Resisting the Obvious Design for a Book Cover
The Cover Reveal for Sarah M. Broom's The Yellow House
Read author Sarah M. Boom on her book cover here.
A few years ago, I read a piece in The New Yorker that was so beautifully written and emotionally charged that it stayed with me for quite some time. The author, Sarah M. Broom, wrote about the impact Hurricane Katrina had on her family and their home in New Orleans East, an area most tourists never see. Little did I know I would eventually design the jacket for the book which had its beginnings in this article. When Gretchen Mergenthaler at Grove contacted me to work on The Yellow House, I said yes immediately—I was really looking forward to spending more time with this author’s work.
What I love about The Yellow House is that it moves beyond the confines of a traditional memoir. Sarah not only documents her family’s story but, through their experiences, also writes an alternative history of New Orleans and an examination of race and class. She reminds us that it’s impossible to understand a city without first understanding its people, and that the two are inextricably linked.
I was so taken with the manuscript that I wanted all of these ideas to be represented in the jacket. But when I sat down to start working, I soon realized I was setting myself up for failure. I also underestimated the difficulty of designing a jacket with such a specifically visual title. I struggled with the idea of showing the house or avoiding it completely. I knew Sarah was a fan of the jacket I designed for Lisa Brennan-Jobs’ Small Fry, so I tried to channel some of that energy into her designs and take more of an abstract or even metaphorical approach.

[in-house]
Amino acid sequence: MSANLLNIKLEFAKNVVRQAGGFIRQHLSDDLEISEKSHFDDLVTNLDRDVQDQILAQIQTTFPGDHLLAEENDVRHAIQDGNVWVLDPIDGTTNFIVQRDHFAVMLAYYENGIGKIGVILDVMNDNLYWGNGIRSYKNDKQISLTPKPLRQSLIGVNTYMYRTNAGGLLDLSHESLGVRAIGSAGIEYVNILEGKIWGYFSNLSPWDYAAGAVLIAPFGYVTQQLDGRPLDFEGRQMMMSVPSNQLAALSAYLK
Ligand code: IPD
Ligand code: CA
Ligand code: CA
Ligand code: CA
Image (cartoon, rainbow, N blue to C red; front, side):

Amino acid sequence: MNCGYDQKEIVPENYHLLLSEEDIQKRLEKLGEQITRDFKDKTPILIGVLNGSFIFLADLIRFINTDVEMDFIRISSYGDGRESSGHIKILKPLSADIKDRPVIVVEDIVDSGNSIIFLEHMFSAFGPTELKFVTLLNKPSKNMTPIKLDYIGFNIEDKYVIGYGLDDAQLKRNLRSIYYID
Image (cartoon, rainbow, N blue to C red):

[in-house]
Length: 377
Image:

Unfortunately, the first round wasn’t what Sarah had in mind. She wanted something more unexpected—she felt these were too “on the nose” and that they were trying to tell a story, but the narrative was too obvious and reductive.
In hindsight, I completely agree. Sometimes a first round allows you to work through your ideas so you can eventually land in the right place. Rejection can be a very good thing for the design process; if the criticism is well thought out, it can often help you get to a better design.
The second round proved much harder for me—I was starting over completely, but I didn’t have a solid idea of where to go next. I looked back at some family photos Sarah provided, thinking those might serve as inspiration. And I spoke to Sarah directly about her manuscript—we discussed how her family’s house was essentially a character in the book, that her writing explored the cartography of relationships, a map of loss, and the blueprint of a family.
I started to think…what would Sarah’s family tree look like? How could New Orleans and their neighborhood be represented? What if her family tree wasn’t a tree at all, but a map? And that’s when the idea came to me to design an actual “map of loss” using snippets of her family photos.
Grove sent Sarah the second round of comps I submitted, including the “map” design. Apparently my brainstorming paid off, because the author ended up choosing it.
I love it when a project really challenges me to think more intensely and push beyond what seems like the “right” solution. I’m incredibly happy with the final design and, most importantly, the author is too.